Maintenance of fluid homeostasis is critical to establishing and maintaining normal physiology. The landmark discovery of membrane water channels (aquaporins; AQPs) ushered in a new area in osmoregulatory biology that has drawn from and contributed to diverse branches of biology, from molecular biology and genomics to systems biology and evolution, and from microbial and plant biology to animal and translational physiology. As a result, the study of AQPs provides a unique and integrated backdrop for exploring the relationships between genes and genome systems, the regulation of gene expression, and the physiologic consequences of genetic variation. The wide species distribution of AQP family members and the evolutionary conservation of the family indicate that the control of membrane water flux is a critical biological process. AQP function and regulation is proving to be central to many of the pathways involved in individual physiologic systems in both mammals and anurans. In mammals, AQPs are essential to normal secretory and absorptive functions of the eye, lung, salivary gland, sweat glands, gastrointestinal tract, and kidney. In urinary, respiratory, and gastrointestinal systems, AQPs are required for proper urine concentration, fluid reabsorption, and glandular secretions. In anurans, AQPs are important in mediating physiologic responses to changes in the external environment, including those that occur during metamorphosis and adaptation from an aquatic to terrestrial environment and thermal acclimation in anticipation of freezing. Therefore, an understanding of AQP function and regulation is an important aspect of an integrated approach to basic biological research.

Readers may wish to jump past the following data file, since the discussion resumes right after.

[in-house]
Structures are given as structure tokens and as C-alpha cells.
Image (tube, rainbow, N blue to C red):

Available at: http://works.bepress.com/carissa_krane/7/